|Click here to return to the '10.7: Mac Mail - Get the Outbox back' hint|
Time Machine in macOS can work within a number of apps, letting you retrieve older versions of files or even deleted email messages in the Mail app. However, if an entire folder of stuff goes away.
These days, messages are sent as soon as you ... err... send them, so there's no longer a need for this limbo.
'Many of us are very particular about email delivery and want to know if we have messages waiting to go out.'
Isn't it more likely that many people assume their message has been sent, unless the Outbox appears?
Some people travel a lot, and find that the internet is actually not always available everywhere. In fact, it turns out that there are quite a lot of places where it's not. Furthermore, some people have things like corporate email servers which require them to be connected to a VPN to send email when offsite, which they are often not, whether because of lack of an internet connection or other issues. The problem is compounded by the fact that when you are frequently offline, Mail seems to do a somewhat bad job at actually sending things when you do come back online. Or so one might suspect, but it's hard to verify and even harder to report bugs when the outbox isn't visible to _show_ that you've got waiting outbound messages.
There's also the case where you're using Mac Mail to access an Exchange server and your Exchange presence is down (this is the problem I had yesterday which left me looking for an Outbox to verify delivery... or the lack thereof... and is what prompted my solution... yes, I'm the author of the hint). In this case, I had full internet connectivity, but the mail server was having problems and I needed to see the contents of the Outbox to know when things were working again, etc.
I have a corporate account that used to be like this in the old days. No VPN, no mail going out or coming. With time the corp IT changed and now we do not suffer the 'Outbox' issue.
The only times I really want to check my Outbox is when the mail does not go and that happens when there are problems and Mail shows me the box.
It is a nice to have option to show the outbox. I believe that Mail should have a setting to enable or disable it.
Rather than creating the bogus SMTP server couldn't I just take my Mac offline (turn off Airport and/or ethernet) and try to send an email using an existing server in order to get the Outbox to show? (I would try this myself but I already tried your hint and haven't figured how to remove the Outbox icon yet.)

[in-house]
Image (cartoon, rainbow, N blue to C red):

I was able to do this more simply by: disconnect from broadband, send e-mail to self, Outbox appears and can be dragged into Favourites bar.
Remember to reconnect!
I didn't have to set a bogus smtp server, just turn of Airport (WiFi) on your computer or disconnect any ethernet cable or turn off any other way that you use to connect to internet. Send an email and automatically it will be sent to the Outbox that will appear, then just move it to the favorites bar.
It's a lot easier this way.
Thank you for the tip.
No, thank you.
This is not working for me. I get the message that the server is offline, but no offer to send it later and no appearance of an Out mailbox.
I am returning to report that this morning the Outbox appeared when I opened the mail app. So I too now have one permanently!
Nice tip, thanks!
Great tip, extremely helpful.
Outbound mail seems to be a bit unreliable, so it's great to be easily able to see if there is anything stuck in the outbox.
|Click here to return to the 'A workaround for a read-only Mail inbox' hint|
Did you ever try dropping into the terminal and changing permissions there?
something like 'sudo chown username mailBox'
What you need to do is find out what your new UID (User ID) is. Not your username but the number your Mac assigned to your username. There are a bunch of ways to do that but a simple way is to create a file then list the file to find out who owns it.
In the terminal touch a file
Now list it using the '-n' flag
ls -aln foo
You should see somthing like this:
-rw-r--r-- 1 501 0 0 Jan 22 07:23 foo
In this case the UID of the created file is '501' and the group ID (GID) is '0' Now all you need to do is change the ownership of the old mail directory.
Make sure to use the '-R' to rucursively change ownership and use the UID and GID from above:
sudo chown -R 501:0 foo
This will change both the owner and group of the dirctory to you. Good Luck!
I ran into a problem where my inbox was set as read-only, but it wasn't a problem with the changed user name. Somehow the extended attributes got set as follows:
0 drwx------+ 4 user group 136 Dec 24 13:54:21 2008 INBOX.mbox 0: group:everyone deny add_file,delete,add_subdirectory,delete_child,writeattr,writeextattr,chown
Run the following command to get rid of the attributes:
Macos Mail Search Tips
% chmod -a# 0 INBOX.mbox/
And then make sure you have complete access by doing:
chmod u+rwx INBOX.mbox/
Macos Mail Search
Maybe this will help someone else with the same problem as me and is doing a Google search.